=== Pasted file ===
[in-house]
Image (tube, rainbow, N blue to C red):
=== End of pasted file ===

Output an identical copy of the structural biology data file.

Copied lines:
[in-house]
Image (tube, rainbow, N blue to C red):